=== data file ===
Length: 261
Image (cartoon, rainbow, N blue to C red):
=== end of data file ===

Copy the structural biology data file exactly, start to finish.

Length: 261
Image (cartoon, rainbow, N blue to C red):